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font-family: Verdana, Arial, Helvetica, sans-serif;
margin: 20px auto;
background: url(images/slices/header-bk.jpg) no-repeat;
background: url(images/slices/rack-feature.jpg) no-repeat;
font: bold 12px Verdana, Arial, Helvetica, sans-serif;
font: bold 11px Verdana, Arial, Helvetica, sans-serif;
Here's the HTML:
<div class="fltlft" id="buttons3">
<div id="bullet-1">Shop For Racks</div>
<div class="fltrt" id="feature">
<li>Content for this area</li>
<li>Take advantage of the protection that your sax cases are designed to ensure for your fine instruments.</li>
<li>Minimize required storage space.</li>
<li>Easily store and access each of your saxes without accidentally toppling other cases.</li>
<li>Eliminate scuffed walls and crowded closets.</li>
<li>Easily adjustable for different size and shaped baritone, tenor, alto, and soprano sax cases</li>
Your conditional comment should be more specific. The way you wrote it, it selects *all* versions of IE, and I'm still hoping all these bugs won't make it to IE8.
I'd suggest something like:
<!--[if IE 6]>
<link rel="stylesheet" type="text/css" href="ie6.css" />
<!--[if IE 7]>
<link rel="stylesheet" type="text/css" href="ie7.css" />
<!--[if IE lt 8]>
<link rel="stylesheet" type="text/css" href="ie.css" />
Conditional comments are a good way to deal with inconsistencies, but have you considered saving some code and the need to track extras by just setting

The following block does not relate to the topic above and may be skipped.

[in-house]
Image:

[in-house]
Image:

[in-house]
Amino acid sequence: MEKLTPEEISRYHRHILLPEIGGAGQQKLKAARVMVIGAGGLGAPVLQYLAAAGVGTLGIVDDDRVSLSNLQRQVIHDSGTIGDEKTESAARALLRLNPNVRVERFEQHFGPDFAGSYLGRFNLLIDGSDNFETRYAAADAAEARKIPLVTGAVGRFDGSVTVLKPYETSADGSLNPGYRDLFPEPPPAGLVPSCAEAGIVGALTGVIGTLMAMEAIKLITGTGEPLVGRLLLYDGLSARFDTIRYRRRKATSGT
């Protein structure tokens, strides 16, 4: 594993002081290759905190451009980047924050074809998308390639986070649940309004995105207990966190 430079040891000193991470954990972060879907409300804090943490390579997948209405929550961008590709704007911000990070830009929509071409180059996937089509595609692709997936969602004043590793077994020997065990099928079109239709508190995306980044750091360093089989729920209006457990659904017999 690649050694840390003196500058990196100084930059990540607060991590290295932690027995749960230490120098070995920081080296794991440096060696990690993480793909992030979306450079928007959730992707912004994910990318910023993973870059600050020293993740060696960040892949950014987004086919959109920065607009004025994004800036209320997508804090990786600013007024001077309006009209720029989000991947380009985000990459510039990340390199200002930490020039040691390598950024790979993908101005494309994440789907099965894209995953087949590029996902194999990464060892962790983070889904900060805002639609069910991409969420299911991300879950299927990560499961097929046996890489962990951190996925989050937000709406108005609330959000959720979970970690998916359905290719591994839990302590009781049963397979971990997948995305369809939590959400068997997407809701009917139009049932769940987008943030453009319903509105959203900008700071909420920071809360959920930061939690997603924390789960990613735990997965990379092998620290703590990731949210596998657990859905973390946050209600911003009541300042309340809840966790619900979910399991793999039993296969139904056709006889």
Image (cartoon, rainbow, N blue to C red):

on div#feature? (That also means you can remove the text-align:left from div#rck_feature.)
Works for me on the provided code for on ie6&7, ff2&3, Op9, winSafari3.
To follow the reasoning:
# Put a contrasting background-color on div#feature and comment out the margin-top/left on div#rck_feature. In ie div#rck_feature is drawn "centered" within div#feature.
# Set text-align:left on div#feature (the parent of the problem element) and in all browsers div#rck_feature aligns top/left of its parent.
# Re-apply the margins to div#rck_feature and it is drawn as I think you want in all browsers.
One of those IE6 things. [Which IMHO belong in a conditional comment as it's an IE fix]
Recalling text-align is supposed to be inherited, so ie is behaving correctly.But the need to have "text-align:center" is most often (dunno for this specific case due) due to its lack to properly do auto margins on the wrapper. Actually the whole wrapper thing is in many cases only needed for IE as it refuses to let you handle body and html to their full potential.
But the need to have "text-align:center" is most often (dunno for this specific case due) due to its lack to properly do auto margins on the wrapper
without difficulty. At a very high risk of mis-attributing, I think I saw SuzyUk comment just recently on the prevalence of this "myth". SuzyUk, apologies if I have that wrong
I agree html and body do not directly relate to the posters question, so it is very unclear why they have been raised. But for the purpose of sharing as acurate information as possible, I never have difficulties with html or body in ie either.
The poster asked a simple question, the solution is founded in the recommendations, is not a hack, and is one that works cross-browser whether the ua conforms or not. Given ie wasn't even the culprit in this instance, I'm not seeing the point of posts about claimed "ie deficiencies".
Thanks for the fix which does work. Just changing the text alignment alone in the two divs did the job. I'm not sure while the other two suggestions were necessary. Glad I stimulated some other conversation in addition. It only added to my knowledge.